We had the blessed opportunity to talk to Dr. VanArsdell, who was able to answer most of our questions, but of course some questions are still left unanswered. We'd love for him to be able to tell us that the procedures are 100% effective, that Tyson will be miraculously healed, that he will make a speedy recovery, and that he will live a very long, healthy life! But we entrust all those details into God's Almighty hand and cast all our anxieties on Him!
I will do this in question and answer format again as that seems to be the most comprehensive way.
Dr. VanArsdell, you've mentioned that Tyson has small pulmonary veins (pv's) and will need a Coles procedure to try to fix them. We have been researching and have found that this is called pulmonary vein stenosis and it is a rare condition that has a very guarded prognosis. Does Tyson have pulmonary vein stenosis (pvs)? Where is the pvs and how bad is Tyson's case?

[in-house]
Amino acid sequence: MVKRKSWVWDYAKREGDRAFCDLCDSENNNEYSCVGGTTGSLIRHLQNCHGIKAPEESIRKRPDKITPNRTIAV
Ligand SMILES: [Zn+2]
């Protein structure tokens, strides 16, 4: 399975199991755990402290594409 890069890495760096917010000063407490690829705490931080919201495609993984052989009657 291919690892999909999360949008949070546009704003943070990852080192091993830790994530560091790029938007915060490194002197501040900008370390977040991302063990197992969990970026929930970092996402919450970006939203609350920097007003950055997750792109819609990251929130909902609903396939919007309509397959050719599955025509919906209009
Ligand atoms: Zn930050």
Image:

Yes, Tyson has significant pulmonary vein stenosis in both his left pulmonary veins (pv's). The stenosis is at the opening of where the veins meet the heart. In many cases of single ventricle patients, since the one ventricle is small, the functioning ventricle will be extra large. Because Tyson's heart is large on the left side, it is compressing the pv's and restricting the blood flow from the left lung to the heart. This is very concerning and needs to be repaired. We need to remove the pvs from the equation in order to have a successful Fontan operation.
We've read that those with pvs involving all 4 veins have a very high mortality rate. Is this true?
Yes. Unfortunately that is true. But Tyson's pvs involves the 2 left pv's. So far his right lung is not affected.
The heart cath done in August revealed that there has been no growth in the pv's since his Glen surgery in May 2009. That's a year and a half with no growth. Is it possible that the Coles procedure will stimulate the veins to begin growing on their own?